Jobs, Not Jails: LA Gang Intervention using Jalapeño Cheddar Loaves

Jobs, Not Jails: LA Gang Intervention using Jalapeño Cheddar Loaves

"What if we were to invest in gang members, rather than just seek to incarcerate our way out of this problem?" - Father Greg Boyle, Tattoos on the Heart


On a sweltering July day in the summer of 2016, gazebos lined South Pasadena's weekly farmer's market, held every Thursday near the Metro train stop. In simple block letters read Homeboy Bakery, and under it, an overwhelming amount of spiced loaves, large chocolate chip cookies, and buttery carb-y pastries. Behind the counter was a man- bald, tattooed, and intimidating. As I picked up a jalapeño-cheddar loaf, I mentioned to him that I was a huge fan of the bakery, its mission, and its people. He was delighted by my mention of meeting his company's founder and my adoration of the company itself. When it was due for me to go, I didn't have cash to purchase my loaf of bread. I was about to return the loaf onto the dark blue table, but the man placed his trust in me. He allowed me to take what I wanted, with the promise that I would return the next week to pay him back. Trusting a stranger. Feeling compassion. Showing love.

Homeboy Bakery is nestled in Los Angeles' Chinatown, adjacent to their sister, Homegirl Cafe. Both eateries are from Homeboy Industries, a gang intervention program focused on pushing the "restart" button on the social lives of marginalized gang members.

The program offers gang members, even those who are from enemy gangs, employment through their many job opportunities that range from silk screening, solar panel installation, and, of course, bakeries and restaurants. Additionally, the company provides educational services, such as GRE prep, mental health services for domestic abuse and substance abuse, tattoo removal, and legal counseling. The program seeks to decrease incarceration and death within gang communities by emulating their slogan "Jobs, Not Jails."

In the wake of DuVernay's documentary, 13th, American society is gaining awareness of incarceration in this country. The overpopulation, unfair circumstance and intentional abuse and mistreatment faced by inmates scream "injustice." Additionally, socio-political conversations on immigration, particularly the mistreatment of young children at the US-Mexico border, has highlighted a perception of the "other" rather than the "human." As a society, we have responded with a lack of compassion and marginalization for people we deem different.

Father Greg Boyle, the founder of Homeboy Industries, writes in his novel Tattoos on the Heart about the boundless love and compassion he has felt towards gang members and how this love has transformed their lives and their relationship with others. The novel and program come from a very loving place as Boyle, a white priest, emulates patience and compassion towards gang members, mostly Latino or Black, who have been surrounded by death and criminalization. It's a touching novel that explores the marginalization gang members feel, regardless of their imprisonment history, because we as a society have pushed them and their broken narratives into a corner. People shudder at the thought of places with "high gang activity," but fail to recognize that gang life is a response to society's lack of compassion towards those in poverty, those living in under-resourced areas, and/or coming from immigrant families. The novel leaves the message that no matter who you are or what you have done, you are capable and deserving of love.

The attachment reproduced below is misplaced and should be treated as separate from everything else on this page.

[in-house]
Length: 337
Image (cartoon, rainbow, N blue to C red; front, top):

Gang life is complex, and the reasons why people enter and stay in them is complex in and of itself. Multiple socioeconomic factors play a role in these individuals' lives, factors that are mostly out of their control. Homeboy pushes these technicalities aside and sees the human behind the bars who seeks help, compassion, and love. If only we can perceive the world in this way- with love rather than fear or hate. Love takes on many forms, but overall, it seems to be a willingness to open up without judgment or predisposition, with blind trust and faith, and with boundless compassion.

You can support Homeboy at your:

  1. Local Los Angeles Farmer's Market
  2. Local Ralph's that sell Homeboy made chips and salsa (I recommend the pineapple ginger)
  3. The LAX airport now has their own Bakery location
  4. If you're in the LA area, visit Homeboy Bakery or Homegirl Cafe (the chilaquiles? AMAZING.)
  5. Volunteer for educational, legal, and medical services
  6. Learn more at

For me, love was placing the green paper on the man's tired hands for two things: 1) my loaf of jalapeño cheese bread and 2) the blind trust he placed on me to return the next week in that sweltering July heat.

High school me taking selfies with the founder of Homeboy IndustriesAshley Lanuza

*cover photo not affiliated with Homeboy Bakery

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Irish-American History Is Just As Important As Any Other Culture, You Can't Prove Me Wrong

I cherish being Irish and I will not let anyone let me feel bad for that.